On any ordinary night, I shuffle affably around the horseshoe-shaped ward, saying hello to the families before it gets too late. I check in with the nurses throughout the night. I talk to the laboratory when they have urgent information to pass on. I take calls from parents whose children, at home after graduating into the outpatient program, have some new symptom and who need guidance about what to do next. I trained as a pediatric oncologist, but it was only ever my foster home in medicine. I learned to be a hospital chaplain, hoping that it would make me a better oncologist, but it turned me into an entirely different kind of doctor. I miss pediatric oncology, though, and I miss especially the particular community of the B.M.T. ward. Every child who is admitted there stays for at least two or three weeks, and some stay for months, which makes for a very rich continuity of care. A visit to a family’s hospital room starts to feel like a visit to their living room, as if we’re all not only walking in and out of their care but in and out of their lives.

Of course, there’s been nothing ordinary about working in the hospital lately, under the ever-darkening shadow of the coronavirus pandemic. I remember my shift this past week being fairly mellow on the level of clinical drama—nobody had trouble breathing, nobody got a fever, nobody even got a rash—but it was suffused with an anxious, expectant tension, which seemed further accentuated by the quiet. We’d already started to defer some scheduled admissions, to reduce volume in the hospital (we anticipated that we would likely be receiving children from adult hospitals, to help them build surge capacity), so many of the rooms were empty, the beds made up immaculately behind the glass doors, the monitors polished and gleaming, the yards of wires and tubes neatly coiled and hung. All over the hospital, there were signs of change, even down in the cafeteria, where the seating area had been closed down and the salad bar had suddenly atomized into constituent, plastic-wrapped pieces of lettuce and broccoli and cherry tomatoes in pairs. It seemed like everything was different and like everything was still about to happen.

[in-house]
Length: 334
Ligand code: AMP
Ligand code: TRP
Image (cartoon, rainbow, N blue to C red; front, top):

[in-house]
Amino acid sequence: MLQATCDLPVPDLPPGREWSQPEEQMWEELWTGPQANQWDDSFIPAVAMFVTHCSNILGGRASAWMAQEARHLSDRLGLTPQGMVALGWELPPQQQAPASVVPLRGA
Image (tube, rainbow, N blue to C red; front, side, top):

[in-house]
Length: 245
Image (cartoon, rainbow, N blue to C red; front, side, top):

I spend those nights on the ward as a pinch-hitting transplant hospitalist, but I try to keep palliative care in my posture. I try to be present, in the way that the discipline has taught me, for people’s hopes and fears, even in a conversation about a fever or a rash. My intention the other night was not different, though, in practice, everything was different, altered by that omnipresent anxious tension. I aim on a usual night to go into most of the rooms, to introduce myself to patients and parents and remind them that there’s a doctor on the ward overnight, to answer questions or just to talk. Now that sort of quasi-social visit seemed like reckless folly. Last week, I sent greetings through the nurses, instead. I knocked on glass doors. I waved. And when, in my shuffling rounds, I happened to catch a mother in the hallway, I said hello from a distance.

As she washed her hands in the hall sink—parents have always washed their hands for at least two minutes before they go into their children’s rooms—the mother told me about her trip to the grocery store, shaking her head as she described the empty shelves, where all the pasta and rice and toilet paper used to be. Though her child had been admitted with us for many increasingly tiresome months, she said that tonight she felt grateful for the delay in getting home. She felt much safer in here than she did outside. I nodded, and then she nodded, and then we smiled awkwardly at each other as she finished up.